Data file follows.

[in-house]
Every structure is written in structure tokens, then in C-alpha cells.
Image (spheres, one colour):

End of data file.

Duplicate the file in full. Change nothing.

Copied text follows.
[in-house]
Every structure is written in structure tokens, then in C-alpha cells.
Image (spheres, one colour):